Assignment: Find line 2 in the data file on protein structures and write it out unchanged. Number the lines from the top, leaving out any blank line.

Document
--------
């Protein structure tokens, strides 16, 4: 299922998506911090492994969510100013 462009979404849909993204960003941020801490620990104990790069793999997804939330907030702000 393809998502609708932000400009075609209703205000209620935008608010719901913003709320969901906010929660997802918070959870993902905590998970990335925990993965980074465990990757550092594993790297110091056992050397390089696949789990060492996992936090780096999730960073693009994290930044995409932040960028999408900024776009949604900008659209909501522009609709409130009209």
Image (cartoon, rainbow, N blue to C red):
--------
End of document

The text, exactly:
Image (cartoon, rainbow, N blue to C red):